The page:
Director Yann Arthus-Bertrand Talks about His Movies HUMAN and WOMAN

Well known for his stunning areal photography and movies about humanity and the environment, French photographer, filmmaker, journalist and environmentalist Yann Arthus-Betrand came to Manila to open the CMS COP 12 (a conference on the conservation of migratory species of wild animals), taking place from October 23 – 28.

On October 21, the Alliance Française de Manille showed a special screening of his widely popular movie HUMAN, which is also available for free streaming on Youtube. I met the distinguished director and UN goodwill ambassador for an interview to chat about his work, activism and interest in women’s rights for his upcoming film WOMAN. 

Interview with HUMAN director Yann Arthus-BertrandYann Arthus-Bertrand areal photography in the Philippines

Is this your first visit to the Philippines?

This is my third visit. I came the first time 20 years ago to film parts of Mindanao, then again three years ago for a documentary about our oceans. I did not film the Philippines for HUMAN so I am happy to come here again for my next project WOMAN.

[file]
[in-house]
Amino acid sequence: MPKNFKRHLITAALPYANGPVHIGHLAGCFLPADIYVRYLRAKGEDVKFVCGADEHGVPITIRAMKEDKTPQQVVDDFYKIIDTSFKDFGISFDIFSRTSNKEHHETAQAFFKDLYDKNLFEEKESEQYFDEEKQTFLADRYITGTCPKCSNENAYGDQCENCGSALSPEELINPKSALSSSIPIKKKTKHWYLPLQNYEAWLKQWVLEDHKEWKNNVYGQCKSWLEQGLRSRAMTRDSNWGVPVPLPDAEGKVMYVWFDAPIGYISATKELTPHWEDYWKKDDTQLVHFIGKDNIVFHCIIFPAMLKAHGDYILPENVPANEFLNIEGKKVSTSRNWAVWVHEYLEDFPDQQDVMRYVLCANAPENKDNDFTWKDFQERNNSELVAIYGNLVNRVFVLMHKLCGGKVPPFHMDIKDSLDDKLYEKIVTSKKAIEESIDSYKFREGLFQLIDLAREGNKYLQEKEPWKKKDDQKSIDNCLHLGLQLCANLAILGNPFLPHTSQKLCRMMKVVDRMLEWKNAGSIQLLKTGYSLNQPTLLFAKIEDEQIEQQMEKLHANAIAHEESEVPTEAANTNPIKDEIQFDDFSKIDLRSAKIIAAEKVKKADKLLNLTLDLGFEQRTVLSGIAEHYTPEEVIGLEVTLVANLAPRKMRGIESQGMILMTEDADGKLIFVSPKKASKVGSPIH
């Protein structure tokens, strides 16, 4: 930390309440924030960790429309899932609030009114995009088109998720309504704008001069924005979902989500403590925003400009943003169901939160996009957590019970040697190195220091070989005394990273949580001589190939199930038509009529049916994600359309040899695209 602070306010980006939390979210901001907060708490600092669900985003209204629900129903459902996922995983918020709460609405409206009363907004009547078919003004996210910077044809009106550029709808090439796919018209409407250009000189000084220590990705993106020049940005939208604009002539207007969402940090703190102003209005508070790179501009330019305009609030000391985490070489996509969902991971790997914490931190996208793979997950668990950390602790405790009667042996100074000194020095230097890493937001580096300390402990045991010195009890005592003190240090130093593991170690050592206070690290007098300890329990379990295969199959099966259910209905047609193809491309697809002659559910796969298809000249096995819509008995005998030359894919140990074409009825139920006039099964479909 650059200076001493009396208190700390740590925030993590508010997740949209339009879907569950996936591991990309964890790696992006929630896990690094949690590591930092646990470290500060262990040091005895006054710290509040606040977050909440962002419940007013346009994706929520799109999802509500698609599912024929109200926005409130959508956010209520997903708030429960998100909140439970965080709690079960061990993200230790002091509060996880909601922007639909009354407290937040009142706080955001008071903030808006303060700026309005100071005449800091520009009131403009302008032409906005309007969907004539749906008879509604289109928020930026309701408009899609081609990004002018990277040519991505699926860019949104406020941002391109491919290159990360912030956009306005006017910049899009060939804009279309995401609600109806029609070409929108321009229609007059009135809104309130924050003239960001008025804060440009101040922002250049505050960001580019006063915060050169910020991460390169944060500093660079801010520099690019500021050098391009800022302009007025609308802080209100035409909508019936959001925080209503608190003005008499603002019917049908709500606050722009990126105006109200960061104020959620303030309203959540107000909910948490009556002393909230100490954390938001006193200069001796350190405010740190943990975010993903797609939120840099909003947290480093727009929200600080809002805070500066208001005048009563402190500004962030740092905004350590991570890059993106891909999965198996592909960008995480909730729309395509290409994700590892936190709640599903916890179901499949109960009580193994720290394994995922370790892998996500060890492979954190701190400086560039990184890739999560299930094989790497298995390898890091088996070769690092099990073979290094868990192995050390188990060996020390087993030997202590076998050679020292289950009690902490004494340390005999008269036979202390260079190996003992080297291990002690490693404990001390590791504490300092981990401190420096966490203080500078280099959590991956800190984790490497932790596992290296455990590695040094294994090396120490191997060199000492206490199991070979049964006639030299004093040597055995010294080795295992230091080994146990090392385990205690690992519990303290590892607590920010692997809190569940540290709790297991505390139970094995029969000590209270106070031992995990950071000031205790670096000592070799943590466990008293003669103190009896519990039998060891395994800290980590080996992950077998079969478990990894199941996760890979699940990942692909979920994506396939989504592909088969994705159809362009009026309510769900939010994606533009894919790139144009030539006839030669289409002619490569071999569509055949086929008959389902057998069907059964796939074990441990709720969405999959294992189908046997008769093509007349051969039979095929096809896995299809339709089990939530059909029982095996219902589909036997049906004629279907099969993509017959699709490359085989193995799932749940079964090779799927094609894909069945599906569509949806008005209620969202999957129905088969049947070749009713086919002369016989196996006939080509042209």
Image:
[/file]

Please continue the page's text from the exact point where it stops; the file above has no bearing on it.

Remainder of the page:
How would you describe your movies HOME and HUMAN?

HOME is an easy-going movie about ecology, about the state of the planet.

HUMAN is something else. The movie has no commentary, only the interviews of people answering questions about different life topics. You do your own commentary. You just have to open your heart and listen to the people. HUMAN is a project I really love and today I find it very difficult to do something else. When you begin to do art like that, it is very difficult to do something else. HUMAN is bigger than me, it is above me. I am only the bridge between you, the viewer, and the people who are being interviewed. I think by listening to the people telling their stories you become a better person. I’m very proud of HUMAN, it’s the best film I’ve ever made. And it has an incredibly high rating of 8.7 on IMDB, which only very few movies achieve.